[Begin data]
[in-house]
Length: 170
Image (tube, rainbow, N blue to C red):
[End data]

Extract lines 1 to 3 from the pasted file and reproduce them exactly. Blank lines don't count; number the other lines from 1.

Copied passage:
[in-house]
Length: 170
Image (tube, rainbow, N blue to C red):